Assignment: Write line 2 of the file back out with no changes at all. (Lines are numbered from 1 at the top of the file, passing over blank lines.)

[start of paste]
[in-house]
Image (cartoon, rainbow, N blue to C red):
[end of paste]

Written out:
Image (cartoon, rainbow, N blue to C red):